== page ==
Today is the day of the black moon: this is what it means (and why you shouldn't get too excited)

Today is the day of the black moon: this is what it means (and why you shouldn't get too excited)

It happens only once every 33 months, it is true, and it is above all an opportunity to better observe the rest of the celestial vault, or to do a little astronomy review. But no "shows" and "appointments"

(photo: Redlio Designs / Getty Images) If we leave aside tarot, cartomancy, astrology and TV series, the Black Moon of August 19, 2020 (like all the other Black Moons ) is self-defining: it is a Moon that appears completely dark in the sky, that is, in essence, that is not seen. What makes it special is a coincidence with the calendar which occurs only once every 33 months, but looking at the night sky all we can hope to see are stars, planets and maybe a few meteor showers.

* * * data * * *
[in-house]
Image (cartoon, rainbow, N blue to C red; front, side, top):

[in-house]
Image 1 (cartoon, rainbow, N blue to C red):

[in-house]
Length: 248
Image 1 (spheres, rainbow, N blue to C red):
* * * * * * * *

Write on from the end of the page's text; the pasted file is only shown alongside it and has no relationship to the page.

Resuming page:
The double definition of Black Moon

The expression Black Moon has a popular and unscientific origin, and has become famous above all thanks to social media. The term indicates first of all a phase of the new moon, or new moon, in which our natural satellite is illuminated by the Sun on the side exactly opposite to the one facing the Earth. Consequently, observed from the point of view of people who scan the night sky, the Moon appears very dark, so much so that it is almost invisible. This condition, as is well known, occurs with great regularity every 29 and a half days (to be precise, the average length of the lunar month is 29 days, 12 hours, 44 minutes and 3 seconds), and in fact it cannot be certain. cataloged among the "unmissable events" with the night sky.

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